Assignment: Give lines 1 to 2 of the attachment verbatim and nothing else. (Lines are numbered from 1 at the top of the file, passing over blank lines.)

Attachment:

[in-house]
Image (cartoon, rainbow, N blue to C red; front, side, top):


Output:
[in-house]
Image (cartoon, rainbow, N blue to C red; front, side, top):